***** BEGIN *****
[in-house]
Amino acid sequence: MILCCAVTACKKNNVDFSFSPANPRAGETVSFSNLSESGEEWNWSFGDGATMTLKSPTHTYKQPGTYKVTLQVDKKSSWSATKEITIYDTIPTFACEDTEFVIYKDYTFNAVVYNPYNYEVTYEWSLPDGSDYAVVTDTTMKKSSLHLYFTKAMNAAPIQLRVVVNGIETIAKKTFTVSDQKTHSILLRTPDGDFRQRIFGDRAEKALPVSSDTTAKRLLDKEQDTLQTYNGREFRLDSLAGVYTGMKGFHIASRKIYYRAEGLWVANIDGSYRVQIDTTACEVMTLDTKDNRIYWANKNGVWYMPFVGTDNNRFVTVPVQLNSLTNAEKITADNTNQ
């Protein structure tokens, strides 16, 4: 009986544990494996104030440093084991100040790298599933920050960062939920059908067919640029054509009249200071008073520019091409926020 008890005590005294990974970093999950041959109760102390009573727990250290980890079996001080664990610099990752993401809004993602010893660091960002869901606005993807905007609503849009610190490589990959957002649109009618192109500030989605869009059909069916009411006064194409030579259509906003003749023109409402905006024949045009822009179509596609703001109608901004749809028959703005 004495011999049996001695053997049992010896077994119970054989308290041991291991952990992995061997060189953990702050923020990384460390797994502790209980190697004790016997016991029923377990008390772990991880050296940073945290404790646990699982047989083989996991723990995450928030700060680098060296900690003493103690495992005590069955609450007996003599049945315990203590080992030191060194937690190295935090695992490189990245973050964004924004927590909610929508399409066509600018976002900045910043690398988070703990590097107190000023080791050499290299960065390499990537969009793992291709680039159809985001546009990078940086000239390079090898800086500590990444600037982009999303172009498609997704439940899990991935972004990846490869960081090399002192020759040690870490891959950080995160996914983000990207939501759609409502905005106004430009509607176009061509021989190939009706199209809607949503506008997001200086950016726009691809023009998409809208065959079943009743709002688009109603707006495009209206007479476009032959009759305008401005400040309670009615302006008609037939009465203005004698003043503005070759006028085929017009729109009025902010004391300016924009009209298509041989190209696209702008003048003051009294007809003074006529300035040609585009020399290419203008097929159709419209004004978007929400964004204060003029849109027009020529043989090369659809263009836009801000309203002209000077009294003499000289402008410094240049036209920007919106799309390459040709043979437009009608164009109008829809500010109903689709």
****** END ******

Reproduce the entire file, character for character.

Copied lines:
[in-house]
Amino acid sequence: MILCCAVTACKKNNVDFSFSPANPRAGETVSFSNLSESGEEWNWSFGDGATMTLKSPTHTYKQPGTYKVTLQVDKKSSWSATKEITIYDTIPTFACEDTEFVIYKDYTFNAVVYNPYNYEVTYEWSLPDGSDYAVVTDTTMKKSSLHLYFTKAMNAAPIQLRVVVNGIETIAKKTFTVSDQKTHSILLRTPDGDFRQRIFGDRAEKALPVSSDTTAKRLLDKEQDTLQTYNGREFRLDSLAGVYTGMKGFHIASRKIYYRAEGLWVANIDGSYRVQIDTTACEVMTLDTKDNRIYWANKNGVWYMPFVGTDNNRFVTVPVQLNSLTNAEKITADNTNQ
């Protein structure tokens, strides 16, 4: 009986544990494996104030440093084991100040790298599933920050960062939920059908067919640029054509009249200071008073520019091409926020 008890005590005294990974970093999950041959109760102390009573727990250290980890079996001080664990610099990752993401809004993602010893660091960002869901606005993807905007609503849009610190490589990959957002649109009618192109500030989605869009059909069916009411006064194409030579259509906003003749023109409402905006024949045009822009179509596609703001109608901004749809028959703005 004495011999049996001695053997049992010896077994119970054989308290041991291991952990992995061997060189953990702050923020990384460390797994502790209980190697004790016997016991029923377990008390772990991880050296940073945290404790646990699982047989083989996991723990995450928030700060680098060296900690003493103690495992005590069955609450007996003599049945315990203590080992030191060194937690190295935090695992490189990245973050964004924004927590909610929508399409066509600018976002900045910043690398988070703990590097107190000023080791050499290299960065390499990537969009793992291709680039159809985001546009990078940086000239390079090898800086500590990444600037982009999303172009498609997704439940899990991935972004990846490869960081090399002192020759040690870490891959950080995160996914983000990207939501759609409502905005106004430009509607176009061509021989190939009706199209809607949503506008997001200086950016726009691809023009998409809208065959079943009743709002688009109603707006495009209206007479476009032959009759305008401005400040309670009615302006008609037939009465203005004698003043503005070759006028085929017009729109009025902010004391300016924009009209298509041989190209696209702008003048003051009294007809003074006529300035040609585009020399290419203008097929159709419209004004978007929400964004204060003029849109027009020529043989090369659809263009836009801000309203002209000077009294003499000289402008410094240049036209920007919106799309390459040709043979437009009608164009109008829809500010109903689709």